The Slynx by Tatyana Tolstaya

The Slynx - Tatyana Tolstaya, Jamey Gambrell

I joined a book club! I've never been a part of one before so I thought that it would be a fun experience. The book club is called International Reads here on GoodReads and its purpose is for its members to read as diversely as possible. We want to read as many books from foreign countries because foreign novels are rarely ever highlighted. We read a different book each month then have a discussion on said book at the end of each month. This month's book is The Slynx. I ordered my copy from the library (I don't like buying books unless I know I am going to like it and considering I have never heard of this book, I didn't really want to risk it) and just finished reading it.

I want to start off by saying that I think this book is very interesting. The story Tolstaya created highlights Russian society very well and satirizes its culture in a highly intellectual way. I can't comment on her writing style because it's a translated work, but I will say that the translation was a bit hit and miss with me. I am not blaming Jamey Grambell as a translator. I think she did an amazing job! I just think that with something as complex as this literary composition, it just loses a lot of its meaning in the translation. That's the difficult thing about translated works. You'll never get the full meaning of what's being written unless you read it in its native tongue. Still, from what I've gathered and the very little (VERY LITTLE) knowledge I have of the Russian language, Grambell did what she could to bring a very natural, and enjoyable, reading experience to English speakers.

Even though I think that this book is brilliant with what it set out to do, I was not a huge fan of it. The way it was written, switching from second to third person, took some time getting used to but that's not why I struggled with this read. I just felt that, for the most part, it just seemed to drag on and on. I couldn't get invested in the story because it would talk about the society one moment then about eating mice the next and it was just a bit too... all over the place for me. Also, I did not like the main character. Benedikt was shallow, moronic, and childish. I can overlook the fact that he's shallow; that just makes him human. It's his close-mindedness that made want to throw him into a ditch. He was just so dumb! Ugh!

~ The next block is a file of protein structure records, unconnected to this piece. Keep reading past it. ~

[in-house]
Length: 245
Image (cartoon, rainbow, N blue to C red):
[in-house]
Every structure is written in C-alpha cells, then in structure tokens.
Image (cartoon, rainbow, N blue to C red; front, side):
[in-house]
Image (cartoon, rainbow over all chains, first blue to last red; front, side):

I know and can recognize the brilliance of this novel. I appreciate the fact that the book club chose this to be the first book we read because there's so much symbolism and depth to its narrative; I just really love reading things like this. But because of its pacing and the fact that I really couldn't follow the story too well, be it the translation or the fact that I don't know much about Russian society, it's just not one of my favorite reads. However, if you like dystopians and Russian politics/culture, I think you should give this a read. You might find it quite fascinating!